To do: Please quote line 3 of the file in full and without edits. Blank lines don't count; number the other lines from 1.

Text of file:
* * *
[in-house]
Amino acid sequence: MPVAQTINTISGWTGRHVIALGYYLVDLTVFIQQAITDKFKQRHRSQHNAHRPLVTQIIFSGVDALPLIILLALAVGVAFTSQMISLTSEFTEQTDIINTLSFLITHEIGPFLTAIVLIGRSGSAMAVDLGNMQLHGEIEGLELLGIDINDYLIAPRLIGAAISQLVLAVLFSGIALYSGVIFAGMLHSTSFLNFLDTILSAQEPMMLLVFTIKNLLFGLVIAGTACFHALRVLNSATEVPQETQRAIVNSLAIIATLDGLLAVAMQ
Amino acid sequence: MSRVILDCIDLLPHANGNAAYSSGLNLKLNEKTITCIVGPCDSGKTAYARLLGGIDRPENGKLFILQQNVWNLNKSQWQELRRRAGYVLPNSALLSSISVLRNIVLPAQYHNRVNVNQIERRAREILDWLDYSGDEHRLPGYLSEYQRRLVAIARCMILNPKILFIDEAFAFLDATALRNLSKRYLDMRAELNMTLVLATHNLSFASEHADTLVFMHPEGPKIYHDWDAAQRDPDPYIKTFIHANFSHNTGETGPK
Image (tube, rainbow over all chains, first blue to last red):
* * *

Amino acid sequence: MSRVILDCIDLLPHANGNAAYSSGLNLKLNEKTITCIVGPCDSGKTAYARLLGGIDRPENGKLFILQQNVWNLNKSQWQELRRRAGYVLPNSALLSSISVLRNIVLPAQYHNRVNVNQIERRAREILDWLDYSGDEHRLPGYLSEYQRRLVAIARCMILNPKILFIDEAFAFLDATALRNLSKRYLDMRAELNMTLVLATHNLSFASEHADTLVFMHPEGPKIYHDWDAAQRDPDPYIKTFIHANFSHNTGETGPK